Piracy Open Debate
On Monday morning (19 November), at the initiative of India, the Security Council is scheduled to hold an open debate on piracy as a threat to international peace and security. It is the first time that piracy as a global phenomenon will be discussed by the Council. (In the past the Council has addressed piracy off the coast of Somalia and in the Gulf of Guinea as separate issues.) A briefing is expected by Deputy Secretary-General Jan Eliasson. As an outcome to the open debate, the Council is planning to adopt a presidential statement, which is currently under silence until 6pm today (Friday).
In preparation for the debate, India circulated a brief concept note (S/2012/814) on 6 November reviewing what the Council has already done to tackle piracy and highlighting key issues and remaining challenges. According to the note, the objective of the open debate is to take account of the Council’s efforts in countering piracy in a holistic manner, “with a special focus on the issue of seafarers being held hostage by the pirates”, including those seafarers’ welfare, both while in captivity and after their release. (The fate of hostages seems to be of particular concern to India as many of the seafarers held captive by pirates are Indian nationals.)
Council members also recently received the Secretary-General’s annual report on Somali piracy (S/2012/783). As there will be no separate briefing on this report, speakers in the debate may want to address some of the issues raised in this report as well. Among the observations in the report is that while gains had been made recently in the international community’s fight against piracy off the coast of Somalia, that trend could easily be reversed if the problem’s root causes were not addressed. (For further background on piracy, please refer to our November Forecast.)
At press time, Council members appeared close to agreeing on the text of the draft presidential statement expected to be adopted on Monday. It seems the draft expresses the Council’s grave concern over the threat that piracy and armed robbery at sea pose to international navigation, the safety of commercial maritime routes and the security and economic development of states in the region concerned.
Apparently the draft has a strong focus on the fate of victims of piracy expressing the Council’s concern about the safety and welfare of seafarers, as well as the increasing use of violence by pirates, and strongly condemns hostage-taking and violence against hostages. The draft presidential statement also seemingly suggests that states and relevant organisations and agencies could promote measures to prevent hijackings and protect seafarers, as well as cooperate to secure the release of hostages and the prosecution of those taking hostages.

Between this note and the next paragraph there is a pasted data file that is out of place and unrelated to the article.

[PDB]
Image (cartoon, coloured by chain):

It appears that other elements of the draft largely reflect issues already addressed in Council resolutions on piracy off the coast of Somalia and in the Gulf of Guinea. These include calling on states to criminalise piracy and strengthen efforts to ensure justice for those involved, emphasising the importance of continuing counter-piracy efforts already in place, stressing the need for a comprehensive approach that addresses the root causes of piracy, and encouraging regional coordination and cooperation, while also addressing some region-specific issues.
While the draft does not call for a separate report on piracy, it requests the Secretary-General to include in relevant reports to the Council information on implementation of the presidential statement and ways of advancing international efforts to combat the problem of piracy and armed robbery at sea and associated hostage taking.
It seems negotiations were protracted with discussions focused on several key issues, including how to define the scope of the threat posed by piracy and how to address the issue of privately contracted armed security personnel on board ships (so-called PCASPs). With regard to PCASPs, it seems the draft text—in line with the Secretary-General’s observations in the above-mentioned 22 October report on Somali piracy—addresses the development of regulations for the deployment of such personnel.
Another sensitive issue during negotiations seems to have been whether to include references to possible links between piracy and illegal fishing and dumping. In the context of Somalia, this has been a somewhat contentious issue as the Council has been split between those who consider the issue as relevant to piracy and those who argue that it does not merit further consideration by the Council. The latter group received some support from the Secretary-General’s latest report on piracy off the coast of Somalia, which stated that the UN had received little evidence justifying claims about such a link and it seems that there is no mention of the issue in the final text.
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